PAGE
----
The eurozone trade surplus widened in November because imports fell more sharply than exports, data from the EU’s statistics office Eurostat showed on Wednesday, pointing to continued weakness of domestic demand.
The 17 countries sharing the euro had an external trade surplus, unadjusted for seasonal swings, of 17.1 billion euros ($23.41 billion), in line with economists expectations.
It was above the 12.5 billion euros in the same period of last year and a revised 16.8 billion euro surplus in October and for the first 11 months of 2013 it was 139 billion euros — almost double that of the same period in 2012.
Non-seasonally adjusted, exports from the eurozone fell by 2 percent on the year in November after a 1 percent rise in October, while imports dropped by 5 percent, following a 3 percent contraction in October.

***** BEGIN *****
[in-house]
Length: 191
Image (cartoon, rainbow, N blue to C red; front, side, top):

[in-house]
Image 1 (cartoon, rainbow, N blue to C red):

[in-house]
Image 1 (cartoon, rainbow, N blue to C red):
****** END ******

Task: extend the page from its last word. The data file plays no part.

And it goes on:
The United Kingdom remains the eurozone’s key business partner with cumulative exports for the January to November period up by 3 percent and imports down by 2 percent.
Exports to China, the bloc’s third biggest trade partner after the second United States, were flat in the first eleven months of last year while imports fell 6 percent, leaving a 69 billion euro trade deficit, down from 78.7 billion in the same period of 2012.
In a sign of rising competitiveness, exports of Europe’s southern periphery countries — Spain, Portugal and Greece — were up by 4 percent in the January to November period, with cumulative trade deficits shrinking in all three year-on-year.
Germany’s trade surplus in the first eleven months of the year rose on the year, with flat exports and a 1 percent drop in imports, while France’s deficit, shrinking year-on-year, was mainly due to a drop in imports.